I was on one ship, a Liberty, where we carried an experimental, secret weapon. It consisted of 6" tubes filled with explosives, which were rolled up on either side of ship. These tubes would be deployed by means of a para vane, which carried them out along side ship. Navy had a special crew aboard which monitored tubes, and when an incoming torpedo was detected, they would blow up tubes and save ship. This device was called Mark 29. It must not have been successful, because I never heard of it again. I have talked to only one other person who knew about it.

     I was on one ship, again a Liberty, that sailed out of Norfolk, VA to join a waiting convoy, when it was discovered that we had a crack in side of hull. O course, we turned back to port, and when we arrived were greeted by an irate Naval Command, wanting to know what we doing there. We explained that there was a crack in hull. "Can your pumps handle it". Our Captain said that he thought we could. "Then get out of here" he said. When we arrived overseas, our pumps were going 24 hours a day.

     This was same ship that,when we entered a very violent storm, a sixty ton tank broke loose from cables that held it in place low decks, and began sliding back and forth, smashing into side of ship. There was no doubt that it had to stopped or it would have gone through the hull. After many hours of labor it was finally secured, with a substantial bulge in ship's side.

     There are many more things that happened during my time in convoys, which I cannot recall at this time, but war material that we carried got to it's destination. More than 600 American ships were sunk, many of them off shores of  US, to deliver supplies that were needed overseas. A lot of men were killed to get them there and they were and they were delivered by men that no remembers.

     Later, we were riding at anchor off the East coast of Okinawa waiting for sailing orders, having discharged our cargo of ammunition. Suddenly, we received emergency orders to leave at once, as a typhoon was headed our way. Since it is very dangerous to be close to land during a violent storm, we sailed at once, not bothering to prepare the ship for sea.

     It wasn't long before huge swells began to rock the ship, and we knew we were in store for a big one. Of course, we had to see that all the cargo holds were covered tightly and everything was secured.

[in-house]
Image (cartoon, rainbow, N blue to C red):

It wasn't long before we began rolling, and the wind increased, causing waves to crash over the ship, and tossing us in all directions. The plan was to outrun the storm by going in the opposite direction, but as the wind grew more intense, we knew that running away was not possible. The only alternative was to turn around, and head directly into the storm, which we did. That was all that could be done.

    The greatest danger in such a violent sea is to prevent the ship from slipping sideways so the waves hit the side, causing the vessel to turn over. As long as the bow is into the waves, you can survive.

      This was particularly vicious storm which leveled every standing building on Okinawa. It tore the bow off of a Navy cruiser, and sank several more Navy ships. My ship weathered the storm, but it took a quite a beating. I remember steering the ship through much of it, and the waves were crashing over the flying bridge, which was 60 feet above the water. I was cautioned not to let the ship get off course or we might roll to far to the starboard, or to the port and roll over. I was constantly turning the wheel from right to left in order to keep upright. The next day the sea was littered with debris, and there were massive swells. I had been through many storms over the three and a half years that I served, but nothing equaled that one.

     We did survive after a terrible ordeal.

     I had other experiences such as e-boat attacks, 60 ton tanks breaking away and nearly breaking through the side of the ship, and the time we were ordered to sail with a cracked hull as long as our pumps could handle the incoming water.

     Members of the Merchant Marine serving aboard U.S. Cargo ships and tankers had a greater percentage of war related deaths than did the armed forces: Army, Navy, Marines and Coast Guard.  One out of every thirty-two Merchant Marine men were killed during the war.

----- Harold E. Flockhart



Casualties, By Harold E. Flockhart

Liberty Ships, Harold E. Flockhart, Merchant Marine

Merchant Marine, Harold E. Flockhart, Merchant Marine

Typhoon, By Harold E. Flockhart (included above)